8 Signs You're In The Right Relationship
When it comes to finding "The One" -- that one special person and relationship that will last a lifetime -- the conventional wisdom is simply, "When you know, you know." That's all fine and dandy, but many of us require something more concrete than just a gut feeling.We reached out to marriage and relationship experts to help us pinpoint the most telling signs that you're in the right relationship. Find out what they had to say below.
1. You know what your partner needs to feel loved -- even if those needs are different than yours.
Some people feel loved when their partner brings them a cup of coffee in the morning. Some need their spouse to tell them how beautiful or handsome they look. Others require sex and physical forms of affection. The point is, each of us has different preferences when it comes to giving and receiving love.
"We have to teach our partner to love us and not expect them to read our minds," sex and relationship expert Dr. Tammy Nelson said. "You know you are with the right person when they tell you what makes them feel loved and you are happy to generously lather them with whatever they need. And they do the same for you."
2. You fight, but you do it productively.
Conflict is a natural part of any relationship, but how you handle those disagreements can predict whether or not you'll be together in the long-run. "How both of you behave now when you have a disagreement also says a lot about how you will (or won't) resolve problems in the future," Dr. Terri Orbuch -- relationship expert and author of Finding Love Again: 6 Simple Steps to a New and Happy Relationship -- told The Huffington Post. "A good relationship is one where the two of you fight fair. In other words, you don't curse, scream, talk down to each other or dismiss each other."
3. You get a confidence boost from your mutual physical attraction.
"Feeling sexual attraction and sexually attractive is a life force like nothing else," Iris Krasnow, author of Sex After...Women Share How Intimacy Changes As Life Changes said. "That person who ignites you from within, boosting your self-esteem and also offers external pleasures is definitely a keeper."
4. You two are different enough to keep things interesting, but you're on the same page where it matters most.
They say that opposites attract, and while that may be true at first, it's not necessarily a long-term predictor of relationship success. In fact, Orbuch's research has shown that the strongest relationships are those built on a foundation of similar underlying values and beliefs.
"It is okay to have different interests or movie likes, but similarity in key life values (e.g., views on money, the importance of religion or how you raise children) is what keeps people together over the long-term," she explained.
5. Your family and friends give the relationship their stamp of approval.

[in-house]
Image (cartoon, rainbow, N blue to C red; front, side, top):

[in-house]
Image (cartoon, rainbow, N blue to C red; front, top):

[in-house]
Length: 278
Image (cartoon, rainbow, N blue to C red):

Despite what your once-rebellious heart might have told you, your family's approval of your significant other does matter. W. Bradford Wilcox, the director of the National Marriage Project, told HuffPost Weddings that high levels of social support from your nearest and dearest are crucial to a happy marriage. "Such friends and family often have a more objective view of your partner than you do," he said. "And their support can be invaluable after the wedding. We know that couples who have parents, in-laws, and friends who support them as a couple are much more likely to go the distance."
6. You feel comfortable getting a little adventurous between the sheets.
Couples in secure relationships report that they can combine spontaneous acts of intimacy with tender expressions of their love. "The best recipe for great ongoing sex does not seem to be finding more manuals to get bigger and bigger orgasms but tuning into each other and feeling safe enough to go with the thrill when it comes," Dr. Sue Johnson, a clinical psychologist and author of Love Sense, told The Huffington Post.
7. You are willing to put the "we" before the "me."
A commitment to doing what is best for the relationship, rather than what is best for the individual partner, is a strong predictor of future marital satisfaction. "People who are marriage-minded should look for a partner who talks and thinks in terms of 'we' not 'me'," Wilcox said. "Someone who articulates shared dreams, shared values, and a willingness to put the relationship above his or her desires. Couples who put their marriage above their own desires are more likely to flourish."
8. You find yourself missing your partner when he or she isn't around.
Benjamin Le -- co-founder of ScienceOfRelationships.com -- says it's important to miss your partner when he or she is away. "If they are 'out of sight, out of mind,' that doesn't bode well," he said. "But if you have an emotional response to him or her being away, it's a signal that you really want to be with him or her."